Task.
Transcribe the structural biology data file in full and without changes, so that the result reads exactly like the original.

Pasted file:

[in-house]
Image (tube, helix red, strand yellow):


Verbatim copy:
[in-house]
Image (tube, helix red, strand yellow):